Do we really need to be using the match( ) method here? You can see for yourself that the preceding conditional only checks if the match( ) return is null or not, and makes no use of the parenthesized parts of the moneyExpression pattern. If all we are interested in is a one-off comparison between the user's input and the moneyExpression pattern, then we can and should trade in this code for a corresponding test( )-based conditional:

if (!moneyExpression.test(document.getElementById("userbidID").value)) {
    validationMessage += " - Input not a valid money amount\n";
    valid = false; }

At least for a successful match between a string and a parentheses-containing regexp pattern, match( ) execution is slower than test( ) execution - see the Description section of Mozilla's test( ) method page. Is there a match( )/test( ) speed difference if the regexp pattern does not contain parentheses or for an unsuccessful match? You wouldn't think so, but I don't know. Even if we were to stick with the match( ) conditional, however, we should still transfer its else commands to the if clause, toggle the if condition with the ! operator, and then ditch the else clause, à la the test( ) conditional.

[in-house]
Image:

What's my name?

Getting back to the guestbook form, the "Cool Stuff" tutorial uses a noNumbersExpression regexp pattern and match( ) conditionals analogous to that given above to validate the form's First Name and Last Name fields:

var noNumbersExpression = /^[a-zA-Z]+$/;
// Validate first name and last name are all letters
if (document.getElementById("TextFirstName").value.match(noNumbersExpression)) { /* Valid - do nothing */ }
else {
    validationMessage = validationMessage + " - First name must contain letters only\r\n";
    valid = false; }
if (document.getElementById("TextLastName").value.match(noNumbersExpression)) { /* Valid - do nothing */ }
else {
    validationMessage = validationMessage + " - Last name must contain letters only\r\n";
    valid = false; }

The noNumbersExpression pattern was briefly explained in the closing part of the previous entry; it flags user inputs that do not consist solely of alphabetic characters (its identifier is thus a bit off in that it excludes symbols (e.g., @, #, $) as well as numbers).